Treatment of low grade gastric mucosa-associated lymphoid tissue lymphoma in stage I with Helicobacter pylori eradication. Long-term results after sequential histologic and molecular follow-up.Haematologica. 2001 Jun; 86(6):609-17.H
BACKGROUND AND OBJECTIVES
Most cases of gastric low-grade mucosa-associated lymphoid tissue (MALT) lymphoma are associated with H. pylori. In localized disease (stage I), eradication of H. pylori can result in histologic regression of the lymphoma in 50% to 100% of the patients. Moreover, in half of the apparently cured patients a monoclonal rearrangement of the IgH gene can be demonstrated. However, data on the long-term outcome of the patients are scarce. We report the evolution of a series of patients followed-up since 1994 in order to evaluate the long-term outcome of the apparently cured lymphoma.
DESIGN AND METHODS
From January 1994 to July 2000, 19 consecutive patients with stage I gastric low grade MALT lymphoma were sequentially studied in our hospital. They had all been diagnosed by endoscopy and had had a complete staging (including CT-scan, contrast X-ray of the small bowel, bone marrow biopsies, immunophenotyping of bone marrow and peripheral blood and, in the later years, endoscopic ultrasonography). Diagnosis required established histologic criteria for low grade MALT lymphoma in the samples obtained by endoscopy. The investigation of H. pylori status included histologic search, serology and breath test urea-(13)C. Only patients in stage I disease associated with H. pylori were included in the study. Patients received standard triple therapy for eradication of H.pylori and after treatment were sequentially followed-up with endoscopies performed every 2-3 months in the first year, every 6 months in the second year and then yearly. Post-treatment biopsies were obtained by endoscopy for histologic studies, H. pylori cultures and molecular studies. The criteria of Wotherspoon et al. were used for the histological evaluation. Molecular studies were performed with a polymerase chain reaction analysis of the IgH gene using semi-nested procedures with consensus primers for the V(H) (Fr3A/Fr2A) and J(H) (LJH and VLJH) regions.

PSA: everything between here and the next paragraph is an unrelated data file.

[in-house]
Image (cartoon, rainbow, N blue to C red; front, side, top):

After the eradication treatment, 18 of the 19 patients (94.7%) achieved histologic regression of the MALT lymphoma that occurred after a mean of 4.6 months (range 2-19). In 11 of the 18 histologically cured patients (61%) a monoclonal rearrangement of the IgH gene was demonstrated. In 2 patients the monoclonality disappeared completely, but 9 of the 11 patients (82%) had either persistent (3 patients) or intermittently persistent (5 patients) monoclonality for as long as 64 months. None of the patients who achieved a histologic remission (either with or without monoclonality) relapsed after a mean follow-up of 37 months (range 2-78). Two patients were lost to follow-up and another patient died of a gastric carcinoma; the remaining 15 patients are still in histologic remission after a mean period of 43 months (range 5-78). Ten patients studied between 1994 and the end of 1996 are in remission after a mean of 59 months (range 33-78).
INTERPRETATIONS AND CONCLUSIONS
In most cases of gastric low-grade MALT lymphoma in stage I eradication of H. pylori can produce histologic regression of the lymphoma and this regression can be maintained for years. However, IgH gene monoclonality can be detected and persists in most cases. Although this persistent monoclonality seems to indicate the presence of a latent lymphoma population, over a period of 6 years it has not so far influenced the outcome. These findings indicate that in cases of localized gastric low-grade MALT lymphoma associated with H. pylori, the first step of treatment should be eradication of the H. pylori; however, a close and long follow-up is essential to determine the ultimate outcome of these patients and the possible significance of the persistent monoclonality.